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Dual control by a single gene of secondary sexual characters and mating preferences in medaka

Dual control by a single gene of secondary sexual characters and mating preferences in medaka

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FUKAMACHI, Shoji, Masato KINOSHITA, Kouichi AIZAWA, Shoji ODA, Axel MEYER, Hiroshi MITANI, 2009. Dual control by a single gene of secondary sexual characters and mating preferences in medaka. In: BMC Biology. 7(1), 64. eISSN 1741-7007. Available under: doi: 10.1186/1741-7007-7-64

@article{Fukamachi2009contr-6665, title={Dual control by a single gene of secondary sexual characters and mating preferences in medaka}, year={2009}, doi={10.1186/1741-7007-7-64}, number={1}, volume={7}, journal={BMC Biology}, author={Fukamachi, Shoji and Kinoshita, Masato and Aizawa, Kouichi and Oda, Shoji and Meyer, Axel and Mitani, Hiroshi}, note={Article Number: 64} }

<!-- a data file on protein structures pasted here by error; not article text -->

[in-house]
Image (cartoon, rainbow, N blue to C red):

Mitani, Hiroshi First publ. in: BMC Biology ; 7 (2009). - 64 Background:<br />Animals utilize a wide variety of tactics to attract reproductive partners. Behavioral experiments often indicate an important role for visual cues in fish, but their molecular basis remains almost entirely unknown. Studies on model species (such as zebrafish and medaka) allow investigations into this fundamental question in behavioral and evolutionary biology.<br />Results:<br />Through mate-choice experiences using several laboratory strains of various body colors, we successfully identified one medaka mutant (color interfere; ci) that is distinctly unattractive to reproductive partners. This unattractiveness seems to be due to reduced orange pigment cells (xanthophores) in the skin. The ci strain carries a mutation on the somatolactin alpha (SLa) gene, therefore we expected over-expression of SLa to make medaka hyper-attractive. Indeed, extremely strong mating preferences were detected in a choice between the ci and SLa-transgenic (Actb-SLa:GFP) medaka. Intriguingly, however, the strains showed opposite biases; that is, the mutant and transgenic medaka liked to mate with partners from their own strain, similar to becoming sexually isolated.<br />Conclusion:<br />This study spotlighted SLa as a novel mate-choice gene in fish. In addition, these results are the first demonstration of a single gene that can pleiotropically and harmoniously change both secondary sexual characters and mating preferences. Although theoretical models have long suggested joint evolution of linked genes on a chromosome, a mutation on a gene-regulatory region (that is, switching on/off of a single gene) might be sufficient to trigger two 'runaway' processes in different directions to promote (sympatric) speciation. eng 2009 Fukamachi, Shoji application/pdf Kinoshita, Masato Aizawa, Kouichi Aizawa, Kouichi Dual control by a single gene of secondary sexual characters and mating preferences in medaka Meyer, Axel Mitani, Hiroshi 2011-03-24T17:28:11Z Meyer, Axel 2011-03-24T17:28:11Z Fukamachi, Shoji Kinoshita, Masato Oda, Shoji deposit-license Oda, Shoji

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